Some of the complications resulted from using any of these products include: thinning of the skin, severe, permanent stretch marks, rapid aging, skin infections, steroid-induced acne, permanent dark marks, osteoporosis, neurological and kidney damage due to high level of mercury used in the creams, psychiatric disorders, asthma, cataracts and skin cancer. Some of the side effects can be seen almost immediately while some are seen after prolonged use of skin whitening creams.
According to the World Health Organisation (WHO), mercury causes rashes, discoloration and scarring of the skin. It also lowers your skin’s ability to protect against infection and could even lead to kidney and nerve damage. Mercury affects not only your physical health, but your mental state as well, as it could cause anxiety and depression.
Unlike mercury, which will always affect your skin negatively, topical steroids can be used effectively to treat skin conditions. However, when their use isn’t regulated, it can also result in permanent stretch marks, bruising, discolouration and skin thinning.
Hydroquinone is a legal active ingredient. But, its use was only regulated by the South African government in the 1970’s and is now only prescribed by medical professionals – it’s not something you should buy over-the-counter. The British Skin Foundation warns that this ingredient could cause severe irritation and uneven bleaching of the skin.
Another recent trend involves lightening the skin from the inside out with glutathione injected directly into the bloodstream via a drip route. Glutathione is an important antioxidant produced naturally by the liver, it is found in every cell in the body. Glutathione comprises of three amino acids, glutamine, glycine, and cysteine, and it contains sulfur groups that attract free radicals, heavy metals and toxins, and enhances their elimination.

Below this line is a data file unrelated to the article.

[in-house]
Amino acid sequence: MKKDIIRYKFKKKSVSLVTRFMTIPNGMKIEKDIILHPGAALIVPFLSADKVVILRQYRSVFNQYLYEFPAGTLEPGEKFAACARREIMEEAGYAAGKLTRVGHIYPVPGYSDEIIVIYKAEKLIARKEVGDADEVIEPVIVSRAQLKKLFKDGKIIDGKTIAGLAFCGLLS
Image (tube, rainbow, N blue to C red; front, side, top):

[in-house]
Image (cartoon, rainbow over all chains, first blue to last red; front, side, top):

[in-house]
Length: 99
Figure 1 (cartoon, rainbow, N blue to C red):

Glutathione is administered intravenously as a skin-whitening agent. The synthetic glutathione inhibits your body’s protection of melanin synthesis.
No one really knows how safe it is yet and there is very little evidence that establishes the efficacy of glutathione injections for skin lightening. More research needs to be done.
A very high dose of glutathione is unsafe and may result in serious health consequences. Adverse drug reactions resulting from the use of glutathione IV for skin whitening have been reported and includes long term chances of developing skin cancer as glutathione inhibits the production of melanin that is a dark pigmentation protecting a person’s body from the harmful UV rays from the sun. Taking glutathione long-term has been linked to lower zinc levels, skin rashes, potentially fatal Steven Johnsons Syndrome (SJS), Toxic Epidermal Necrolysis (TEN), irregularities in the thyroid function, kidney dysfunction potentially resulting in kidney failure, etc. Severe abdominal pain in a patient receiving twice-weekly glutathione administered intravenously has been reported.
Given the risks of harm, and the overall lack of medical need, you should think carefully before undertaking skin lightening with glutathione injections.
The best advice for you is to stop the practice of skin lightening, brightening or bleaching and focus your attention achieving a healthy, glowing skin, regardless of its tone and colour. In a country with so many different skin shades, let’s celebrate every single one of them!